False Allegations of Child Abuse in a Child Custody Case
In cases of alleged sexual molestation of a child by a parent sharing parenting time and legal decision making, the Court must carefully weigh all testimony, consider expert opinion, and make accurate interpretations of the law in their efforts to provide for the safety and best interests of the child. In many situations, such as those seen in the unpublished Arizona Court of Appeals decision in the Flynn v. Brown case, false or misguided accusations of abuse can severely damage relationships that are in the child’s best interests to protect.
A Brief History of the Case: Flynn v. Brown
Amanda C. Flynn (Mother) and Gregory Scott Brown (Father) were divorced 2011. The dissolution decree awarded Mother sole legal custody and final decision-making authority. The father was granted supervised parenting time. Mother filed a petition to modify parenting time in 2013 claiming that the father molested their daughter. The family court judge awarded the mother sole legal decision-making authority and suspended the father’s parenting time on an emergency basis until the issue could be addressed in court. After the hearing, emergency temporary orders were affirmed, the child’s counseling was discontinued, and the trial was scheduled.
In the joint pretrial statement, the father requested joint legal decision-making authority. Mother objected. After a three-day trial, the trial court judge concluded that the father did not molest the parties’ daughter. The mother saw a “hickey” on their daughter’s neck. When the child was asked what happened, she responded that her father had kissed her neck and the mother jumped to the conclusion the father had molested their daughter. From this point forward, the mother interpreted everything the child said as indicative of sexual behavior or a sign she had been molested. The family court judge found that the mother’s responses to the child held to shape the child’s statements.
Over time, the mother’s behavior also shaped the “child’s interpretation of events” as well as her “emotional responses” to them. The family court judge also found portions of the mother’s testimony regarding the father to be false. The record of the trial made it apparent to the trial court judge that the mother lacked “objectivity and perspective.” The family court judge denied the mother’s request for a modified order discontinuing the father’s parenting time. The trial court also found that the substantial change of circumstances presented by the case justified changing the mother’s sole legal decision making to joint legal decision making authority. The family court judge also found that in her misguided efforts to protect the daughter from the father, the father/daughter relationship had been damaged and was now at risk.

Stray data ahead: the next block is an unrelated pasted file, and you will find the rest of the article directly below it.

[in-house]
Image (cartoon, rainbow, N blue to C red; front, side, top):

The court concluded the mother’s insistence that she retain sole legal decision that the father’s parenting time should be discontinued stemmed from an unhealthy mistrust of the father, which was not in the child’s best interests. The family court judge also noted in its findings that the mother had overstated evidence in support of her allegations. In some instances, even presenting testimony that was not truthful. It appeared to the Court that the mother convinced herself that the father was a danger to the child and, as a result, adopted an “end justifies the means” approach to the case and accompanying proceedings.
Arguments on Appeal: Flynn v. Brown
The mother argued that the trial court erred by ordering a modification because the father did not ask the trial court to modify the prior legal decision-making orders and she, therefore, did not have fair notice that issue would be addressed. The Arizona Court of Appeals ruled that the Joint Pretrial Statement filed by both parties one week before the first day of trial and five weeks before the final day of trial to be an “amending [of] the pleading.” The mother’s objection to the statement serves as evidence that she was duly notified. Additionally, objections regarding procedure must be filed prior to completion of the case.
The mother also argued on appeal that the trial court erred in its finding of the existence of a changed circumstance since the prior child custody orders were entered, its ruling permitting the father to provide an alternative explanation for the mark on the child’s neck, the trial court’s finding that the father’s alternative explanation was “more consistent with evidence” than the alleged sexual molestation, and the trial court’s dependence on testimony occurring prior to the hearing.
The mother did not provide transcripts of the trial supporting her arguments to the Court of Appeals, nor did she provide any continued development of the arguments for the Court of Appeals of Arizona to consider. The burden of providing all necessary documentation regarding the case and in support of her arguments on appeal was the mother’s responsibility. Absent such record being transmitted to the Court of Appeals, the Arizona Court of Appeals must assume that the exhibits and trial transcripts would support the trial court’s findings. In addition, based on the limited evidence that was presented on appeal, the mother’s arguments fail. The Arizona Court of Appeals finds no error or abuse of discretion in the case of Flynn v. Brown and affirmed the trial court’s ruling.